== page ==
Trying to quit smoking? The devil is in the drink
If drinking and smoking seem inextricably linked, perhaps it's because in the brain's pleasure centre they actually are.
Alcoholics often have a particularly hard time quitting cigarettes. Traute Flatscher-Bader at the University of Queensland in Brisbane, Australia, and colleagues wondered why this should be. So they did a post-mortem analysis of gene expression in the brains of smokers, alcoholics and those who had done both during their lives.
They found that a group of genes in the nucleus accumbens - an area involved in creating pleasurable feelings - were expressed most strongly in their group of alcoholic smokers (Alcoholism: Clinical and Experimental Research, DOI: 10.1111/j.1530-0277.2010.01207.x).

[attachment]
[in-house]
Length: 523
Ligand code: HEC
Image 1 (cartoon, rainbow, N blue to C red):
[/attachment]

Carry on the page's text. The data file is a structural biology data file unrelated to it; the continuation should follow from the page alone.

These genes play a role in rewiring the neurons in the nucleus accumbens. That means people who both smoke and drink might get a greater reward, making it harder for them to quit, says Flatscher-Bader.
Knowing that the link between drinking and smoking may not be purely social could lead to new ways to treat addiction.
05 June 2010
New Scientist Magazine online
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